People have been living in the Brickhill Area of Bedford since the Stone Age. In the 19th century a chert axe dated to the Neolithic Era was found at Jackman’s Farm, The Pheasant is now located where the farmhouse one stood, this axe is on display at the Higgins Museum. In 2004 an archaeological dig in the North of Brickhill found artefacts from the Iron Age, it is thought that these people would have belonged to the Catuvellauni tribe. We think that these people would have joined the larger groups closer to the River as there was no further activity in the Brickhill area until the Middle Ages.

The earliest recorded mention of Brickhill was in 1276 and was written as ‘Brichull’, it is suggested that the “Brick” in Brickhill comes from the ancient word “brig” meaning “hill top”. Around this time the area would have been used for farming.

In 1750 a land terrier was put together and described Brickhill Farm and the Farm House, which would have been located at where numbers 125 and 127 Brickhill Drive exist today. From 1800 until 1922 the house was owned by the Foster family, whom Foster Hill Road is named after. Frank Brightman took over the ownership of the house and farm, where he lived until the house burnt down in 1946, at which point he moved to De Parys Avenue. 

Map 1901

(Map of South Brickhill 1901)

Around the same time Clapham Park Farm was developing to the North of Brickhill Farm, in 1872 John Usher (an architect from Bedford) built Clapham Park and its surrounding lodges. 228 Kimbolton Road is one of the remaining lodges, there was a track running alongside the lodge connecting Kimbolton Road to Clapham Park (This is the path at the end of Dove Road/Falcon Avenue).

At the end of the Second World War there was a greater need for houses around Bedford so the council looked towards the Brickhill Area, which was predominantly owned by Frank Brightman. Upon his death in 1956 his estate was sold to Bedford Borough Council, which then lead to the development of South Brickhill, Birds Area, in the late 1950s.


Map 1956

(Map of South Brickhill 1956)


The Education Act 1944 restructured school into three stages of Primary, Secondary and Further Education.

Brickhill County Primary Infant School opened to children on 6th September 1960 at 9am with 64 children on roll, with the Headteacher Miss Kathleen Derbyshire. At the time it had three classes including a Reception Class. The official opening day then happened a year later on 5th October 1961. The school educated children between the ages of four to seven.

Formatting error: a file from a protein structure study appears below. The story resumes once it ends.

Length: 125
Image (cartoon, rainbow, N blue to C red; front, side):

The school site had been developed further and in 1963 Brickhill County Junior School opens sharing the site with the Infant School. The school at this time educates children from four to the age of eleven.

 Brickhill School 1970

(Brickhill County Infant Primary School and Brickhill County Junior School, 1970 - Kimbolton Road is in the Foreground.)

In the 1970s Bedfordshire County Council introduced comprehensive education and introduced a tier of school between the County Primary and County Secondary Schools. This changed the two-tier system into a three-tier system. In 1973 the school divided into Brickhill Lower School, educating four to nine year olds, and Brickhill Middle School, educating nine to thirteen year olds.


In 1991 Brickhill Middle School merges with Park Wood Middle School to form Beauchamp Middle School.


In 1995 the site of the Middle School was sold for housing development, Brickhill Lower School was able to retain a large playing field, several playgrounds and a building from the Middle School.



(Brickhill Lower School, 2000 - Waveney Green is in the Foreground.)


Throughout the early 21st century Brickhill Lower School earned multiple awards including three Basic Skills Quality Marks for their commitment to improve attainment in literacy and numeracy. From 2001 the school was a Beacon School until the scheme was phased out in 2004.


In 2004 the Government established Brickhill as a Parish Council, one of a few to exist within a town.


In 2010 the school celebrated its 50th anniversary with a huge pageant held at the Brickhill Baptist Church.


Since 2013 Brickhill Lower School has been developing sport across the school, we now have multiple awards recognising our commitment to providing children with various sporting opportunities.


In 2016 as part of the schools celebration of Her Majesty’s 90th Birthday, the school contacted the Queen and were very pleased to receive a response from her.


In 2017 Bedford Borough Council made the decision to restructure the education system into a two-tier format. Brickhill Lower School then became Brickhill Primary School, educating four to eleven year olds.


The school now has just fewer than 300 children on roll, with one class in Reception and Year 1, with two classes per year group up to year 6.


With Thanks to:-
Archaeology Data Service
Bedfordshire Archives and Records Service
Brickhill Parish Council
Higgins Bedford
National Library of Scotland - Map Service